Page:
A Summer in socks

Yesterday our Bluestocking knitalong drew to a close. Hundreds of pairs have been knitted, and it has been amazing to see the glorious array of socks and stockings, in so many different yarns and hues, that have been contributed by club members from all around the world. I’ve found it especially moving (and seriously impressive!) that many of you chose to knit along with every pattern release, making a pair of socks or stockings for each eighteenth-century woman of learning featured in the club. Our friend Rebecca Osborn, (who you may remember from the My Place project earlier this year) is one of those with all seven bluestockings under her knitting belt, so we asked her to tell us more about her own summer in socks. Take it away Rebecca!

Rebecca’s beautiful shawl design, The Thaw

What do you knit when you’re on the go?
When you’re tired of darning when your toes show?
When your stash is already at overflow?
Socks, socks, socks!

Kate’s “Bluestockings” club hit me at exactly the right time. It was utterly unexpected. After knitting forty or so pairs, I had quite burned myself out on socks. When I heard that the new club was socks, I thought I would pass it by. But when the first pattern came out, I had exactly the right yarn in my stash. So I joined the club, and giddily started knitting sock after sock.

Elizabeth Montagu

What was it that sucked me in? So many things.

The joy of knitting a brand-new pattern with a community of like-minded knitters? Definitely. I am a solitary maker who relishes the connectedness of online crafting communities. These are the most exciting when we are exploring something new together. And the bluestockings group fit that bill so perfectly. The smaller number of smaller patterns let me knit through the whole thing as each pattern appeared.

Sarah Scott

Was it the toe-up construction and variety of techniques? Those captured my interest, definitely. The wrapped-needle cast on was new to me, but intuitive once I got the hang of it. The heels were new and intuitive for me as well. I appreciated that the patterns were balanced between plain knitting, colorwork, and single-color texture patterning.

Elizabeth Carter

Was it the accessibility of sock knitting? Essential. I spend the summers traveling – both back and forth between town and our friend’s cabin, and on a long summer trip to visit our families. The reliable gauge of sock knitting meant that I could creatively draw on my stash. I knit four patterns at home before departure. Then, even though I didn’t know what the upcoming patterns would entail, I packed a small range of sock-knitting needles and a variety of sock yarn for a six week trip, and managed to make the remaining patterns.

I think what sucked me in the most was the stories. To me, knitwear design is a powerful art form because it invites participation. It is a work of art that invites you to make it your own. That power is exponentially amplified for me when the piece connects me to a story. It’s one thing to contemplate a beautiful work of art. It’s another to take up your hands, and using your own choices and ideas, to join in the same story.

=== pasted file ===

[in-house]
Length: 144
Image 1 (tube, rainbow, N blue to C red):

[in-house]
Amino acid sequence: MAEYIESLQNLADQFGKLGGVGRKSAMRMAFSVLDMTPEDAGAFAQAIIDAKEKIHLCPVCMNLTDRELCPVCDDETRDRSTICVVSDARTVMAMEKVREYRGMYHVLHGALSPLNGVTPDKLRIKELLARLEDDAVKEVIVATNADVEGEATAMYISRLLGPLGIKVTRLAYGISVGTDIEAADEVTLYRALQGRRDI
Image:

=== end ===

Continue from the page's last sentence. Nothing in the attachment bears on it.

Phillis Wheatley Peters

The opportunity to learn about and from these fascinating women in history was personally challenging. My own walk as a woman who is both an intellectual and a homemaker has been up and down. I have an embarrassment of rich choices in how to live my calling – these women had to find ways to use their gifts within the varying limitations of their lives. From Phillis Wheatley Peters, an enslaved woman who found her way to freedom through her writing, to Elizabeth Montagu, who used her position to empower and network herself and others, each of them pushed boundaries to make their mark.

Mercy Otis Warren

I connected most with Mercy Otis Warren. I wrote about this on my own blog, but simply to learn that there was an intellectual at the time of the American Revolution with such a prophetic understanding of the equality of all people, was both comforting and challenging. She reminds me of the saints of Hebrews 11 who believed although they did not see the promise fulfilled in their lifetimes. We need that faith and patience yet.

Mary Delany

Not all my knitting was accompanied by such deep thoughts. Perhaps like most of you, I knit while doing other things, often watching a show or listening to my husband read. At the cabin, I knit while watching arctic foxes and arctic hare forage on the tundra, or while playing card games with my family. On vacation, I knit in the car, on the metro, at a baseball game, even on a scenic chairlift.

Catharine Macaulay

“Bluestockings” is an old term for ordinary socks. These socks were not ordinary, but they took up that ordinary place in my life. Knitting socks is comfortable and ordinary. The extraordinary stories that connect these socks is our little secret. I hope your bluestocking knitting has brought you as much joy this summer as it has me. Thanks to Kate and team for the journey!

A Bluestocking circle

Thanks so much, Rebecca, for sharing your summer of sock knitting with us! Our Bluestocking book is due to be published next week – watch this space!